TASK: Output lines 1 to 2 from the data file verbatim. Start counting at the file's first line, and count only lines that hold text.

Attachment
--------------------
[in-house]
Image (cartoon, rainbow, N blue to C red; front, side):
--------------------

[in-house]
Image (cartoon, rainbow, N blue to C red; front, side):